Over and over as we travel the state meeting with families whose children have various learning challenges, we hear the question, “What do we do about graduation?” The answer to that question varies with the situation, and, quite honestly, there are no easy answers. However, we hear ourselves asking parents the same set of questions in each circumstance, and those seem to be universal themes, regardless of the student’s challenge or future plans. While it is not an exhaustive list, we offer those questions and some thoughts on them for your study, in the hopes that they will prompt further discussion and prayer regarding high school and beyond for the challenged students you may know.
Will this young adult be able someday to live alone?
If not, which safety and self-help skills can be developed in order to improve quality of life both for the young adult and for the caregiver?
If the plan is for the young person eventually to live independently, consider the need for developing skills in the following areas:
- self-care (hygiene, clothing care, etc.)
- meal preparation and food safety
- interacting with outside providers such as landlords, utility companies, salespeople, telephone solicitors, and people at the door
Does this young adult interact appropriately in social settings?
Does he have understanding friends, both typical and challenged peers? Or is he totally dependent on family for social interaction?
Can she interact appropriately with strangers?
Does he read nonverbal social cues, or does he need help developing that skill?
Is her language understandable? Does she need practice communicating with strangers in unfamiliar situations?
Work Related Skills
What does this young adult want to do in his work life?
What skills are necessary to perform that job? If his expectations are outside his exhibited capabilities, can you redirect those intentions into something similar? For example, could someone who might struggle in veterinary school be encouraged to study to be a veterinary assistant?
If the young person is not yet sure about what to do, emphasize the positive. Find areas in which he already exhibits strengths, and work toward developing those strengths into marketable skills.
An Academic Future?
What will your young adult do after high school?
What does your young person want to do? Is everyone involved in this decision being reasonable in their expectations for the future? Is college essential for what he will do in the future, or is there just an assumption in your family or circle of friends that college is “what everyone does” after high school? Is it necessary? The young person’s motivation is a key factor in making these decisions. Your opinion, while valid and worthwhile, should not be the deciding factor.
Is trade school in the picture? What about apprenticeship? Is college a possibility or a necessity for the future vocation? Work backwards—find out what skills must be in place in order to gain entrance into the intended program, and work toward developing those skills. If an academic program is a possibility, work toward independence in study skills, test-taking, and interaction with authority figures (such as professors). If trade school or apprenticeship is the goal, aim for safety skills or other appropriate skills.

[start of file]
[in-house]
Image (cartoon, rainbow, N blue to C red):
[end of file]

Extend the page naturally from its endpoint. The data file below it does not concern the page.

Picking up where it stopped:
Begin to direct this young adult toward as much independence as it is reasonable to expect. Encourage choices and teach decision-making. Offer options, and guide toward reasonable results, but remember that, to the extent that it is reasonable to assume that this young person can have some level of autonomy, it is your job to move him in that direction.
Finally, do not hold to the notion that eighteen is a magic age. You can work with your young person to develop a plan with a definite end in sight, but it can extend as far as you believe it will be necessary to work to achieve the goals you establish together. If social pressure to graduate at eighteen is a major factor in the decision, agree together to hold a ceremony, then continue working until goals are met for reaching the next level.
This has by no means been an exhaustive list. Our purpose is not to give you answers but rather to encourage you to think far enough down the road to know where your young person wants to go. You can then ask yourselves the right questions to find your own answer to that major question, “How do we know when we are finished?” You are finished when you have helped this young adult map a plan for the future and make the necessary preparations for reaching those goals.
Doug and Patsy Arnold – has written 3 posts on this site.
Doug & Patsy Arnold are educators with a mission. Doug is currently a special education teacher at a middle school in Mansfield ISD. Patsy left the teaching profession after 13 years of teaching Spanish to high school students. She continues to keep her skills sharp by teaching Spanish two evenings a week and every summer with local colleges. She is currently on the faculty at UT Arlington. When their second child was born, Doug and Patsy realized that the Lord was calling them to homeschool their children. In spite of the challenges of supporting a family on one teacher's salary, they believed that this was a higher calling and chose to obey, so Patsy resigned her teaching position and stayed at home with the children. They began homeschooling their older son in 1998. Their middle child, who has been disabled since infancy, has required a high level of intervention in therapy and teaching since he was very small. Through many experiences of God's grace as they have worked with their son, and thanks to the Lord leading Doug into Special Education, the Arnolds have learned much about working with children who have special learning needs. As a result, they have begun a ministry to families with special needs children, called Texas' Special Kids.